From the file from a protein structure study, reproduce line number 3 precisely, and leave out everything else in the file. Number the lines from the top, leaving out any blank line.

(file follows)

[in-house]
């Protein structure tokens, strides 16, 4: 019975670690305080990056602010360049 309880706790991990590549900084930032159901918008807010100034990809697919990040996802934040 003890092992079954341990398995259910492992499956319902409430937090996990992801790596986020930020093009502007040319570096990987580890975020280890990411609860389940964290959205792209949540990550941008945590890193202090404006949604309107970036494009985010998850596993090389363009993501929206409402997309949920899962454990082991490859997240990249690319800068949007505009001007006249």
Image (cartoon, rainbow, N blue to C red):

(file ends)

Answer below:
Image (cartoon, rainbow, N blue to C red):